Thursday, September 29, 2011

Movie Review: The Secret of Moonacre

The cover made me think that this was a rip-off of The Chronicles of Narnia, since it featured a fantasy-type white lion. (It wasn't really.) The movie is based on the book The Little White Horse, by Elizabeth Gouge and which Harry Potter author J. K. Rowling has acknowledged as her favorite children's book.[1] The star is the same little girl who appeared in The Golden Compass, during which I fell asleep. The setting was supposed to be the 1840s, but I felt like it was the 2000s only with historical costumes. The basic storyline is that of a young orphan caught up in the drama of her extended family—with some fantasy elements.

My verdict: The beginning of the film seemed rushed. They could've taken a little longer to show Maria's grief over the death of her father. And the flatulence of the governess throughout the film was completely unnecessary. The first Moon Princess, Loveday, who originally casts the curse, eventually turns out to be a simpering, silly, spineless person. I was at a loss why the filmmakers (or perhaps the author is to be blamed) would think that this character merited the blessing of the Moon. And the little girl is frequently disobedient.[2] This wasn't a terrible film, it just wasn't a very good one, either.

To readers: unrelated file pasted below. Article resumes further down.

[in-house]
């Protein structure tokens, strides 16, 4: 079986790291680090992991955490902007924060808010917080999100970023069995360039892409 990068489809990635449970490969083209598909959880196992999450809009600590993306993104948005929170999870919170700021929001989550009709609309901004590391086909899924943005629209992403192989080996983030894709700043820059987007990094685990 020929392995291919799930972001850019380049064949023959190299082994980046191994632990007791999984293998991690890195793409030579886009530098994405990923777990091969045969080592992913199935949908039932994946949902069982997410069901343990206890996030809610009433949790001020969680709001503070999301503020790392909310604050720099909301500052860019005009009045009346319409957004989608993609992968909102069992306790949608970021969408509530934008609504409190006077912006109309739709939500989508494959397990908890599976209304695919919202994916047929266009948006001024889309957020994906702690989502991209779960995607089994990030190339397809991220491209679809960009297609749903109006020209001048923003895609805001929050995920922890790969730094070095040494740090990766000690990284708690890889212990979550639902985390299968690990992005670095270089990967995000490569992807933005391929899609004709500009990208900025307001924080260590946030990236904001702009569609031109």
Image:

[1] See (scroll down).

[2] Children are always disobedient in movies and rightly so. I mean this in two ways. First,  children's film scripts are written so that disobedient children always turn out to be right and their actions fix things rather than making them worse. Second, adults in most children's movies are usually idiots and the children are not, so they should be disobedient. However, I don't think most children are actually perceptive enough to distinguish between an adult who is an idiot and an adult who wisely sets rules that the child dislikes, but which are good for him or her.


  1. I saw this on T.V. recently. I recall three moonprincesses: 1) the original curse-giver, 2) the penultimate, who ran off to live in the woods, and 3) the final curse-breaker. I honestly didn't know what to make of the movie. I felt it lacked several significant elements and was resolved far too easily.

  2. You are right. I incorrectly arrived at that conclusion by dividing 5000 by 365, which yields 13.7 (roughly the little girl's age). This assumed that each moonrise was one of the 5000 moons. But in the movie they divide 5000 by 13, which yields 384 years. This is based on the number of full moons per year (roughly). There is also a line where someone tells the little girl that a certain painting shows up in the manor whenever a new Moon Princess arrives—implying that there have been many, all failures.